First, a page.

Event Recap: Ruth Tenzer Feldman at Broadway Books


Last night, I hiked two miles across Portland to attend a reading by Ruth Tenzer Feldman at one of Portland’s lovely independent bookstores, Broadway Books.

I first heard of Feldman a few weeks ago, when she did a reading at Another Read Through, the bookstore where I work. At ART we hold readings upstairs in our loft, and since I was downstairs working the desk, I didn’t get a chance to hear the event. I was glad to see a familiar name on Broadway Books’ event calendar, so I decided to check it out.

Author Ruth Tenzer Feldman reads, gesturing animatedly, at a podium with the Broadway Books logo on it.
Ruth Tenzer Feldman

It was a relaxed, almost intimate affair, gathered in the back of the bookstore. Feldman chatted with the attendees, and she and I made proper introductions of ourselves while everyone got settled.

Feldman was there to read from Seven Stitches, the third book of her YA Blue Thread Saga. The first book, Blue Thread, won the 2013 Oregon Book Award for Young Adult Literature and has been called one of the best feminist book for young readers by the American Library Association. I went into this reading knowing basically nothing about the series, so you can imagine how that piqued my interest.

The series, which is hard to pin to a genre but may be best described as time travel in the pursuit of justice, pairs not only time periods, but also teenage girls with the time-traveling female mentor Serakh, who guides them as they learn to understand and combat injustice in their own times, and in the ancient world. Serakh’s character is based on actual stories in the Judeo-Christian canon, including biblical census reports several hundred years apart who list the same woman as one of the few important enough to be counted among the men.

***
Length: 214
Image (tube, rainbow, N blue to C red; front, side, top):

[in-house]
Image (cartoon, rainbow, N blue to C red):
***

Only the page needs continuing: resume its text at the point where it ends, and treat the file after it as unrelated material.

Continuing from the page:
Seven Stitches alternates between Portland in the year 2059 and sixteenth-century Istanbul. The modern crisis centers around the aftermath of the massive Cascadian subduction zone earthquake and the thousands of people left homeless by its destruction. Feldman’s past experience in thinking about housing justice led her to conceptualize an emergency housing system, pejoratively referred to by one interviewer as “socialized AirB&B.”

The reading itself was really enjoyable. Feldman alternated between reading short excerpts from Seven Stitches and giving summaries and commentary about the novel and the series as a whole.

I picked up the first book, Blue Thread, and will hopefully be able to review it in the next few weeks.

The Blue Thread Saga books are available for purchase at several bookstores in Portland, including Powell’s, Broadway Books, and Another Read Through; they’re also available online through Indiebound and Amazon.

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